I Call My Brothers

Jonas Hassen Khemiri

Directed by: Yael Shavit

A car has exploded. A city has been crippled by fear. Amor wanders the city, doing his best to blend in. He must not attract any suspicious glances. But what is normal behaviour? And who is a potential perpetrator?

Over twenty-four hours, Jonas Hassen Khemiri’s explosive play explores where the lines between criminal and victim, and fantasy and reality, blur.

Part of VOLTA International Festival

Jonas Hassen Khemiri is one of the most important writers of his generation in Sweden. His six plays have been performed by over fifty international companies on stages from Stockholm to Berlin and New York to London. He was awarded a Village Voice Obie Award for his first play Invasion!, which premiered in New York in 2011. The second play God Times Five toured Sweden and the third play We Are A Hundred received the Hedda Award for best play in Norway. Khemiri’s most recent play ≈[Almost Equal To] premiered at Dramaten in Stockholm in October 2014.  He attended the Royal Court International Residency in 2006. In 2012, following a terrorist bombing in central Stockholm, Khemiri published the powerful short novel I Call My Brothers to great critical acclaim. In 2013, Khemiri’s open letter to the Swedish Minister of Justice in response to the controversial immigration project REVA, rapidly became one of the most shared articles on social media in Swedish history. The article was later translated into over a dozen languages and published in newspapers around the world, including The New York Times.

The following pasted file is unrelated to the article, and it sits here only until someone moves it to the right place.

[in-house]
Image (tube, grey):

Yael Shavit is a recipient of the Jerwood Directors Award.  Recent credits include Mouth Open Story Jump Out by Polarbear (Unicorn), Until You Hear That Bell by Sean Mahoney (BAC/ The Place), Run by Cloud of Foxes (Roundhouse) and Conversations She Never Had With Her Father by Warsan Shire for Ear Films. Yael teaches and directs at Central and at RADA.

Supported by

3, 4, 5, 8, 9, 10, 11, 12 September at 7.30pm
15, 16, 17, 18, 19 September at 7pm

8 September – Pay What You Can Tuesday (tickets in person from 6pm – limited and subject to availability)
Tickets are £10 or less with Arcola Passport

Running time: 90 minutes approximately (no interval).
Performed in English.